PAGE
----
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singles only?

PostPosted: Fri May 09, 2008 11:30 am
by Outerglobe Debbie Golt
I signed up to Bob Lefsetz's list after Charlie's recommendation! It fills my inbox so i select out headlines that sound interesting or it would take all day - but he has some good comments to make i think.

Do you think focussing on singles would work in 'world music' now? on occasions people have brought out stunning singles including great congolese 7" of yore like that Abeti one and of course the Yeki Yeki 12" and the remixes of Amadou and Mariam worked really well as single and there have been some others recently, plus there's the download maarket of track by track

but I think it's still an album market

But say if interesting things came out of the Africa Express onstage collabs between the indie/rock bands who do use the singles market and African artists maybe that would be a good way forward to mix product?

And there was THAT single - 'Would You' that Charlie said still takes him out to the cinema!

It's a while since I've been sent a single for radio play - tho of course people do sling me welcome one or two track demos which are great to get a flavour of an artist and give them initial exposure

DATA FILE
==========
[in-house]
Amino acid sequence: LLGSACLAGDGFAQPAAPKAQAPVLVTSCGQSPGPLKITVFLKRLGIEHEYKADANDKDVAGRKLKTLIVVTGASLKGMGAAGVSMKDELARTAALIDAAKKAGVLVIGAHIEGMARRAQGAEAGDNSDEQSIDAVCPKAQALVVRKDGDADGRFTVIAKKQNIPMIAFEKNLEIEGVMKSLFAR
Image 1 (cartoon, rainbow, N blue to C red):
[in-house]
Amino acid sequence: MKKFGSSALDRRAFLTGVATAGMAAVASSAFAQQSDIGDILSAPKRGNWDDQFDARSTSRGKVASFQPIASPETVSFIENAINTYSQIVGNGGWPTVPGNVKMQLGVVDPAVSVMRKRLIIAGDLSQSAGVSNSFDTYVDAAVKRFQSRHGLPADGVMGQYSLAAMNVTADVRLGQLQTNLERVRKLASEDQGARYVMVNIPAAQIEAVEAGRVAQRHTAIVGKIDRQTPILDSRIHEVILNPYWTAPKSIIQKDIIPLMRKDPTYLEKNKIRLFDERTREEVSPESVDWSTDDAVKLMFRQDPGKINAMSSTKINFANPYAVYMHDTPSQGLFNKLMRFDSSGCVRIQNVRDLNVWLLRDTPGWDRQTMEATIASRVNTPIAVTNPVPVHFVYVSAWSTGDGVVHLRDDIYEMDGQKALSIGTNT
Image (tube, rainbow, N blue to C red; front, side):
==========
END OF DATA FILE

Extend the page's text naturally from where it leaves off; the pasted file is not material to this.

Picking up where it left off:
what do you think?

www.african-essence.com

Subject: Singles Only!
From: "Bob Lefsetz" <bob>


Don't make an album. And whatever you do, don't send it to me! I don't have time. And neither does anybody else. Except for your hard core fan base. Assuming you've got one. And they might not even be interested either.

The album was a moneymaker. Let's string together 10 or 12 tracks so we can charge more. That's why the labels' enabling of iTunes/Amazon/Wal-Mart to sell singles is a death wish. You get one-tenth the money! It would be like buying a car wheel by wheel. Worse. Being able to buy a car for $1000. Manufacturers want to load your automobile up with gadgets, so you'll pay a high price, so they can make a lot of money! Labels can't pay their bills at a buck a track.

And maybe you can't either. Which is why you need a career.

How do you garner new fans? By selling them sixty minutes of music? No, through the single! One track!